[Michael:] Thanks again. You know, when you reached out to me and told me about that conversation and the project, I began the project with a lot of apprehension, because I think there are many hurdles and difficulties to its realization. In a project like this, I think being engaged with groups like the Reform Movement here and in Israel, and with Women of the Wall, and all the other stakeholders, was very important to me as a Jew and as an American Jew and as an Israeli Jew, and in some ways I feel like I'm sort of in-between and in betwixt here. I grew up both in Israel and in the U.S., and I can see things from both perspectives. And are certainly more than two perspectives, not one for each. But I see in this project the potential to really broaden the definition of what it means to be a Jew in Israel. And I feel that that definition is extremely constrained right now and not fair to many people. So that's what drew me to participate in this project, because I think it does have the ability to change society, to change the community, to change the country. I think the odds of success are very slim, but the effort is nonetheless very important. And I think even if the project doesn't get built, if it changes the conversation around these issues, if it allows this sort of a more pluralistic and egalitarian agenda to make some headway in Israel, then it will have been an effort well spent.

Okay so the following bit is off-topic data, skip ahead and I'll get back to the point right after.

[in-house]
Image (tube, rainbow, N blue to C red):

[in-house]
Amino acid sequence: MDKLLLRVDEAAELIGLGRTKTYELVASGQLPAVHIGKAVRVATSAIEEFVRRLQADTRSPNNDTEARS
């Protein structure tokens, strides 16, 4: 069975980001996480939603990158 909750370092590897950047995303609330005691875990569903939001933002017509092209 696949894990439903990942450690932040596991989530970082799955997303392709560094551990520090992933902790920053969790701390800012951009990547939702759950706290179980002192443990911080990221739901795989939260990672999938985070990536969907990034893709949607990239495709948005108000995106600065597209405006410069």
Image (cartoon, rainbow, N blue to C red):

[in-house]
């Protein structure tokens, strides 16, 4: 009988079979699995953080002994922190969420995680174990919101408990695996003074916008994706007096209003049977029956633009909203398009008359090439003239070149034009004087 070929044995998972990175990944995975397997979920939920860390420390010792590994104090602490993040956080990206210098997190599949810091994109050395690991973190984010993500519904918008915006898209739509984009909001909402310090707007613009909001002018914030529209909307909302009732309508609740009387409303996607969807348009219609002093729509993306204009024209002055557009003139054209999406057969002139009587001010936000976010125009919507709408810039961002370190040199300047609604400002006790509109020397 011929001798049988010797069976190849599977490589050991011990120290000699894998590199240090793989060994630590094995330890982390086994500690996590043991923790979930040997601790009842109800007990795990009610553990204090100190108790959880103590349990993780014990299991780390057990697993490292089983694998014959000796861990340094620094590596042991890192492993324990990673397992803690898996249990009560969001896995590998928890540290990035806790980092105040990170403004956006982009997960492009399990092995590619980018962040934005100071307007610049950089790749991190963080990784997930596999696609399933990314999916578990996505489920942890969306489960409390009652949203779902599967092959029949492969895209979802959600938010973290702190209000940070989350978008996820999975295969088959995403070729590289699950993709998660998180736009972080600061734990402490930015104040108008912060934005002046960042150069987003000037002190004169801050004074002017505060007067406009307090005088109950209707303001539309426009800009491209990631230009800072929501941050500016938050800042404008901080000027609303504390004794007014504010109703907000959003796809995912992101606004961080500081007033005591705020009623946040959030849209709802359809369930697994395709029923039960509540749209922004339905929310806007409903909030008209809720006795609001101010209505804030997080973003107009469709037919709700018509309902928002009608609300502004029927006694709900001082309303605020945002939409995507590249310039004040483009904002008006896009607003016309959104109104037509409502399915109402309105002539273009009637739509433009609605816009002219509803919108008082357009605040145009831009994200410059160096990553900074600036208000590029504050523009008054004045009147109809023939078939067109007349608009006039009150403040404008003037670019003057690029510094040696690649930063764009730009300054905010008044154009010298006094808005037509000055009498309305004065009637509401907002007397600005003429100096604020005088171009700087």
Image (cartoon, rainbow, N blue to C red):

[Rabbi Rick:] So one of the great moments is when Anat Hoffman, the amazing leader of Women of the Wall and also the executive director of Israel's Religious Action Center, just a force for change in Israel. When Anat, who was very resistant to the idea of leaving the women's section, that she really was fighting with Women of the Wall for the right to be fully free to pray in whatever way in which Women of the Wall wanted in the women's section, and she was resistant to go to the [other] site -- until you unveiled your drawings. And Anat's quote was, "I thought by going to the egalitarian pluralistic prayer space at Robinsons Arch, that we would be, in a sense, putting ourselves in the back of the bus. And I refuse to be on the back of any bus," she said. "But, with the design being so anchored in the archaeology and in the history, but also in a sense of aesthetic beauty," she said, "this is no longer the back of the bus or the front of the bus -- this is a jet plane. This is an entirely different way to experience something ancient, but something very modern same time.".